Pinsky: I'm not sure if the poet laureateship in itself has very much to do with the act of writing at all—except perhaps that it's inimical to the act of writing. (Laughter) Writing, in itself, is not a public matter, is it? It's a matter between you and your work. You intend to do it as well as you hope the man who put the wiring in the building did his work, though your proficiency is less obviously important and harder to judge. The poet laureate's job is, I suppose, more like teaching than writing. Like teaching, it's a public job, a task located between you and other people. So the position is not much like writing in that sense. It's on behalf of writing, I hope.

Sleigh: On behalf of writing then, could you explain what you meant by saying that "the truest political component of poetry is the sense of to whom the poem belongs"? And could you connect that to your desire as poet laureate to make an archive of poetry read aloud, not by poets or critics of poetry, but by people from all walks of life?

Pinsky: I think when you read a poem by Pope or Dickinson or Blake, or those poems by Gascoigne and Drayton, or Bishop or Ginsberg or Eliot, probably any poem you read, implicitly there's a society, there's a culture, and usually there's a social class that is the implicit originator and the recipient of the poem. Even in Blake, and clearly in Whitman. That's a political matter. It takes a property, a large cultural property, and conveys the idea, this is who it belongs to, these are the inheritors responsible for it.

The laureate project is to make a record establishing the place of poetry in the United States outside of the professional microcosm of poetry. The idea is to make an audio and video archive of hundreds of Americans saying aloud the poem that that person loves. This ranges from laborers to Congress people, from the woman who runs a corporation to parole officers. People of different ages, ethnicities. I hope this archive will include some poems in languages other than English, too: Navajo, Japanese, Spanish, Yiddish. Whatever any American reader feels is a poem important to him or her.

Sleigh: In terms of the laureateship, how is this going to be disseminated?

Pinsky: The archive will be presented to the Library of Congress. I hope teachers will find ways to use this archive in class. "Anthem," a new National Public Radio weekend cultural program, will include a regular segment based on the Favorite Poem archive. We've taped a parole officer who had a certain Langston Hughes poem that he recited to his clients. One day a client recited the same Hughes poem back to him by memory. Another person already taped is a woman in Alaska who talks about a depression she endured one Alaskan winter. She reads Stevie Smith's "Not Waving but Drowning" and talks about how the rebellious, feisty quality of that poem, and the act of saying that poem aloud to others, helped her through her depression. And along with them, in the first "Anthem" segment, we have F. Scott Fitzgerald stumbling through part of Keats's "Ode to a Nightingale," in a charmingly and comically declamatory way. In April, there's going to be a reading based on this idea at Town Hall in New York. I hope Mayor Giuliani reads a poem on that occasion, and I plan to have some students from New York City public schools reading poems they enjoy.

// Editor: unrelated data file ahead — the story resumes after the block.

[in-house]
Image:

Sleigh: One of the things I find appealing about this project—but maybe risky too—is that it's not based on actors delivering poems in a dramatic or declamatory way. No professional performers?

Pinsky: I think we'll go very light on the number of professional actors, professional poets or declaimers. I believe there is a special intellectual and physical thrill or comfort people experience when they say aloud a poem they love, and that the listeners can feel that. Even if the performance is not particularly expert or impressive, we can hear when someone is saying aloud the words of a poem that is deeply meaningful or important to that reader. Anyone who says a poem aloud has the experience of becoming, physically, the medium for Emily Dickinson or Wordsworth or whoever wrote the poem. The theory of poetry underlying this project is that poetry is an intimate, as well as a public, medium. That is, the medium of poetry is the audience's breath, the audience's larynx, the audience's mouth, one person. And yet the art is communal, sometimes even civic, too.

Tom Sleigh is the author of The Dreamhouse, After One, Waking, and The Chain. A recipient of an Individual Writers' Award from the Lila Wallace-Reader's Digest Fund, he teaches at Dartmouth College and lives in Cambridge, Massachusetts.